Thank you, God, for allowing us to know Nonna. Please encourage us to know Your love as we remember her love. Help us to know Your presence as we now journey without her presence. Amen.

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Saying Goodbye to a Saint

I said goodbye to a Saint today. I held his hand, and his smile – unhindered by the oxygen line – made me want to sing and cry at the same time. He knew his time was short. I only was with him for a minute or so because of family and doctors, but when I heard this was probably his last day I wanted to say goodbye.
In all honestly, I didn’t know him very well. I worshipped with him a couple dozen times; and in so doing I sang with him, shared God’s peace with him, offered him the “Bread of Heaven” and the “Cup of Salvation,” and shared in some coffee and snacks after services sometimes. I watched him smile at Ceara and Caleb and laugh as he tried to make them laugh.
I wish I knew him better personally. I have heard stories of this saint, though, – stories that won’t make it on “Dateline”, in an issue of “Time”, and they probably won’t even make the local paper. Yet there are stories of selfless giving of himself to care for others, stories of patient love, and stories of generosity for the sake of the Church (not as the institution, yet as the Body of Christ in this world). These stories reinforce the belief of Church historian, Justo Gonzales, that Christianity continues today not because of the famous few throughout the ages, rather Christianity continues today because God works through the countless, nameless, faceless, faithful followers of Jesus throughout history to transform the world. The amazing thing is that God knows each and every one of their faces, names, and lives. I am thankful to have known the name and face of this man.
May His family know God’s presence and comfort in the days ahead, and may God continue to use the life of this saint to work transformation and healing in this world. Amen.

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“We Haven’t Seen This Day Before…” Leads to Hope

“Lord, we have never seen this day before…,” was a phrase by the congregational lay leader of Turning Point UMC as he opened our meeting in prayer, and it has not left my mind in the two weeks since he prayed it.

First, a bit of background. A group of us had gathered in Trenton, NJ to meet with United Methodist Bishop May and some members of the Turning Point congregation, which he has pastored since he returned from retirement a few years ago. With a smile May said, “When you live your entire life for ministry, you never really retire. And when the current Bishop in New Jersey asked me to serve this congregation I couldn’t really say, ‘No,’ could I?”

Turning Point UMC is housed in the building of the former First UMC of Trenton building and is a merger of two dying congregations. This church merger was declining too, until May offered his gifts of service, leadership, tenacity, and inspiration. Today it is a growing, vibrant congregation reaching out in relevant ministry with the community in which it is located. Each day is viewed as an new and unique opportunity to join in God’s reconciling work in this world.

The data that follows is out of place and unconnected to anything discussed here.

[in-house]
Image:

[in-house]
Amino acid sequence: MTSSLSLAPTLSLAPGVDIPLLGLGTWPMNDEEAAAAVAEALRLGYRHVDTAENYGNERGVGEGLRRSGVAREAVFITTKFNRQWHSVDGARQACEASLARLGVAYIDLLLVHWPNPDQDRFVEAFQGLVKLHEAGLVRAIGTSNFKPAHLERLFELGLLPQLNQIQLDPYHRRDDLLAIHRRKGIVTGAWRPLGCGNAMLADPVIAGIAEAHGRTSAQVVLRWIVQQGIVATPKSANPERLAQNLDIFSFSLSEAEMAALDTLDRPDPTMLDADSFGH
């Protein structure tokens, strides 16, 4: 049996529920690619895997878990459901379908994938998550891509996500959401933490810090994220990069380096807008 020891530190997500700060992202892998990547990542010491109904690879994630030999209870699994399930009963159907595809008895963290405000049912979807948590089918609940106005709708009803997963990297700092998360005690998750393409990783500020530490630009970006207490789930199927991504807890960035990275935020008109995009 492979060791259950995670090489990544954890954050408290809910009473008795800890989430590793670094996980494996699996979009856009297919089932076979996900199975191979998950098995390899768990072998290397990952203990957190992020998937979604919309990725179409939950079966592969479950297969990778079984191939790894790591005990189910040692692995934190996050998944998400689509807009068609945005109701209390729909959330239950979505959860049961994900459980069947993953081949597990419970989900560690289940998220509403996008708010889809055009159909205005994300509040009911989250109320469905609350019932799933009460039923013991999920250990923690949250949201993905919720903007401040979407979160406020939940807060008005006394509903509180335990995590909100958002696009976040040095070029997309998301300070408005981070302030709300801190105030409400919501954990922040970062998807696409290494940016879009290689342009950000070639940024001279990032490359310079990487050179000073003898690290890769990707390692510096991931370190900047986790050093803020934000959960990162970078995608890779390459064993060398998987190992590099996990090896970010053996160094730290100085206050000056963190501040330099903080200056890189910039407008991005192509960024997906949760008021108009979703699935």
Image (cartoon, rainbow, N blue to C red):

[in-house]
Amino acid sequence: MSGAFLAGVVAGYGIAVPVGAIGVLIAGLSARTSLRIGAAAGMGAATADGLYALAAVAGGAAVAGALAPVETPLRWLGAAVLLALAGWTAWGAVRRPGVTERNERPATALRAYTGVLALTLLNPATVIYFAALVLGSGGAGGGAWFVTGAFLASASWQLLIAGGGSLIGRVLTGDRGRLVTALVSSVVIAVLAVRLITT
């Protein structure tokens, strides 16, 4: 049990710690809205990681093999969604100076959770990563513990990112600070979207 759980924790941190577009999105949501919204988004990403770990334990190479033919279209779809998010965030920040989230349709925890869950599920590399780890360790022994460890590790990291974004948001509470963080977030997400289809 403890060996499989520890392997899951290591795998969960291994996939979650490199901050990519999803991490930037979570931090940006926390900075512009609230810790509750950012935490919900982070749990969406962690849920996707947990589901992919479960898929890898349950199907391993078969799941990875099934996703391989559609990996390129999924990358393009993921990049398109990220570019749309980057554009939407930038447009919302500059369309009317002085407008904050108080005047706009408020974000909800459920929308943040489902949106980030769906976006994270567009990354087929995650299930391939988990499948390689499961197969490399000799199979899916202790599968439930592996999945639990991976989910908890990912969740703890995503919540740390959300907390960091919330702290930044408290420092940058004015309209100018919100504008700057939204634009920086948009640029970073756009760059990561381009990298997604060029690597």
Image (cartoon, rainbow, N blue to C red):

This encounter with people of faith and the prayer above led to the following journal entry:
The Northeastern Jurisdiction’s Conference Secretaries for Global Ministries met with Bishop May in Trenton on Wednesday. He appears someone who follows God’s guidance regardless of what the institution may say. The lay leader of the congregation opened the time with prayer, and his words stuck with me. “Lord, we haven’t seen this day before…”

Tis rang more true for me than the phrase “It’s a new day!” It made me think of the World’s way of looking at things:
“The more things change the more they stay the same.”
“SSDD – same *stuff* different day.”
“That’s the way things have always been, and, therefore, that’s the way they will always be.”
And while evidence exists to support these sayings, they do not leave open the possibility of Holy transformation.

“We haven’t seen this day before…” provides hope, for while some circumstances or situations will repeat (or are perpetuated), those who call upon God’s name have an opportunity to respond in a new way.


I don’t intend to blow a smokescreen over circumstances and situations, because loss, pain, abuse, and injustice are real. I do not intend for this phrase to mislead people into thinking that their negative circumstances will vanish. However, “We haven’t seen this day before…” means we have a new opportunity to live transformed lives in how we respond, how we pray, and how we choose to talk about situations.

God loves us – God has in the past, does today, and will in the future. That love is not based upon our performance, our perfection, what we have (or haven’t) done, or what has (or hasn’t) been done to us. And today an opportunity exists to know that love in a new way and to share it with others in a new way.

As I write I think about how this would sound (or how I could say it differently) to those in prison, homeless, hungry, stuck in trafficking and abuse, or those with Alzheimer’s. I think how this would have sounded to those in Nazi ghettos or concentration camps. I don’t know, yet I believe there are truth in these words for those who call upon God’s name.

“Lord, we have never seen this day before. Help us give open to the ways you would want to transform our lives and use our lives to transform others. Alleluia. Amen.”